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With less than one month to go before the presidential election, the condition of the nation’s highway infrastructure — and the need to upgrade it — has once again been spotlighted.
The American Society of Civil Engineers recently projected that $4.1 trillion will be needed from 2020 through 2039 to sustain the country’s surface transportation. “Chronic underinvestment in our surface transportation infrastructure bears severe economic consequences,” the group said. “Subpar roadway conditions and transit that does not meet a state of good repair produces direct costs to businesses and households, as well as to the national economy.”
While the recent enactment of a yearlong extension to the country’s premier highway policy law is a positive step, it also arguably takes the pressure off of the candidates and lawmakers to focus on transportation during the elections.
In fact, little mention was made of transportation policy during the Sept. 29 debate between President Donald Trump and former Vice President Joe Biden, save for a mention from Biden on the potential benefits of adding 500,000 charging stations to the nation’s electric-vehicle charging infrastructure.
With the coronavirus pandemic still dominating the national discussion, it is, perhaps, understandable that other issues are not garnering as much attention as they might under different circumstances. The recent positive diagnoses of the president, first lady, White House staffers and some U.S. senators have justifiably shifted the national discussion to the health and well-being of this democracy’s political representatives. On both personal and political levels, effective treatment for all battling the virus — within government and across the country — is essential to moving the nation forward.
The Week Ahead (all times EDT)
Oct. 7, 9 a.m.: The Surface Transportation Board meets via teleconference for an overview of rail service, infrastructure planning and development, and effective coordination among suppliers.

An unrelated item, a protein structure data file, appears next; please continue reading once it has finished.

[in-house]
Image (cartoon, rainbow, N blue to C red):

Oct. 7, 9 p.m.: Vice President Mike Pence and Sen. Kamala Harris (D-Calif.) meet for a debate.
Oct. 8, 10 a.m.: Transportation Secretary Elaine Chao participates in a policy discussion hosted by Transport Topics and CQ Roll Call. (Details, register to watch.)
Election 2020: Pence v Harris
Pence (left) and Harris by Bloomberg News
A task force convened earlier this year by the Trump White House to address concerns and challenges from the coronavirus pandemic has been led by Vice President Mike Pence, the former Indiana governor who also served in the U.S. House of Representatives. On infrastructure, the vice president’s record is linked to that of his boss. The White House has not delivered a comprehensive infrastructure policy proposal this year. During Trump’s tenure, there’s been no major legislative achievement on infrastructure.
Pence’s challenger from California, Sen. Kamala Harris, has an infrastructure policy portfolio that resembles the party’s platform. On climate change, she endorses severe-weather infrastructure resilience. Enhancing renewable energy opportunities is a priority, and the surface transportation networks of the future would embrace electrification. Harris, who also served as her state’s Attorney General, is also known on Capitol Hill for her skill as an interrogator when expert witnesses and political appointees appear before Congress. Pence and Harris are scheduled to debate on Oct. 7.
For an in-depth history lesson about the transportation agenda during the Eisenhower administration, visit C-SPAN for last month’s U.S. Capitol Historical Society event featuring Eno Center of Transportation’s Jeff Davis.
Cars and trucks with automation capabilities. The future is now.
The working life in the Trump White House.
Landing at Duluth Intl Airport, Air Force One taxis to hangar for Trump rally. In hopes of winning Minnesota, which he lost in 2016, Pres Trump holding his 2nd rally in the state in as many weeks. It’s also his 35th campaign rally this year, his 105th since taking office. pic.twitter.com/2fQchOftKY— Mark Knoller (@markknoller) October 1, 2020
If Senate Republicans want to keep the Senate in session during October, I say do it.
— Sen. Patrick Leahy (D-Vt.) on Sept. 30.
We publish weekly when Congress is in session. E-mail firstname.lastname@example.org with tips. Follow us @eugenemulero and @transporttopics. Jerry Laguerre, a New Jersey-based communications specialist previously with ESPN and the New York Daily News, contributed to this report.
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